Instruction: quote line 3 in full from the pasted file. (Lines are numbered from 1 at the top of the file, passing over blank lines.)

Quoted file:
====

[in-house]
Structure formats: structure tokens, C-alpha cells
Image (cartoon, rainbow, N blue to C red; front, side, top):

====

Image (cartoon, rainbow, N blue to C red; front, side, top):